Novel broad-spectrum treatments against tissue destructing cobra toxins
I have always seen myself as a natural born biologist with a great fascination for living creatures. Still, it wasn't until my PhD work that I got involved in the study of venomous animals. I began with scorpion research, but very soon, snakes won the contest and became the most remarkable venomous animals in my eyes. Snake venoms are highly complex and possess many fascinating bioactivities that may sometimes be used for beneficial purposes, although all too often snake venoms constitute a serious danger to human health. To me, it was shocking to find out how many people, especially those living in the rural parts of the world, are affected by these fantastic creatures' bites.
As a category A Neglected Tropical Disease, snakebite envenoming (SBE) annually claims tens of thousands of lives and leaves hundreds of thousands of permanently disabled people behind. Currently, SBE victims are treated with polyclonal antibodies derived from the plasma of immunized mammals, such as horses. Generally, these antivenoms are effective in saving lives, especially when they are administered shortly after the envenoming incidence. However, conventional antivenoms have some drawbacks including, but not limited to, the propensity of inducing adverse immune responses in victims due to their heterologous nature, as well as low efficacy in neutralizing locally acting toxins, such as cytotoxins (CTxs). As a consequence of the latter, many of the SBE victims who survive the venom's lethal effects still suffer from permanent disabilities, such as disfigurements or amputated limbs.
As a PhD student, I dedicated my research to find a solution to this problem. One of the promising solutions was the development of recombinant antivenoms containing cocktails of recombinant human monoclonal antibodies, where each monoclonal antibody is specifically selected to neutralize one or more medically relevant venom component (e.g., CTxs). However, the number of monoclonal antibodies included in the formulation of a recombinant antivenom must be limited to make them feasible to develop and cost-competitive to manufacture. Therefore, I developed an in vitro methodology for discovering monoclonal antibodies that target a broad spectrum of CTxs. Owing to this feature, higher numbers of different CTxs can be neutralized with fewer different antibodies.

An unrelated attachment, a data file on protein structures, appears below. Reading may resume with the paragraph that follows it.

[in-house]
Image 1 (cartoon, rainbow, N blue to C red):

In the poster that I virtually presented at the Venoms and Toxins 2020 conference, I demonstrated a schematic overview of the cross-panning phage display strategy that I implemented for discovering broadly-binding monoclonal antibodies. Using this strategy, I discovered over a hundred different antibodies in the single-chain variable fragment (scFv) format that could cross-bind to different CTx-containing venom fractions from the black-necked spitting cobra. Some of these scFvs also showed a capability to bind other CTx-containing venom fractions from other cobra snakes, such as the Mozambique cobra and forest cobra Thereafter, I converted one of the most promising broadly-binding scFvs to the whole immunoglobulin G (IgG) format and showed that the IgG retained the broadly-binding capability of the parental scFv clone. Therefore, my next step will be to test this antibody, in both the scFv and IgG formats, in an in vivo assay to see whether broad-binding capacity results in broad neutralization of different cobra CTxs.
I am positive that broadly-neutralizing, CTx-specific monoclonal antibodies can overcome the above-mentioned drawbacks of the conventional antivenoms. I hope that this study will help us get a step closer to developing an efficient, affordable treatment for the local effects caused by CTxs in cobra snakebites. In the future, this may help lower the number of SBE victims with life-long disabilities.